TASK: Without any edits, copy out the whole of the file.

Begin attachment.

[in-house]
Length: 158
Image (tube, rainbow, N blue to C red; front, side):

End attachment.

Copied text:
[in-house]
Length: 158
Image (tube, rainbow, N blue to C red; front, side):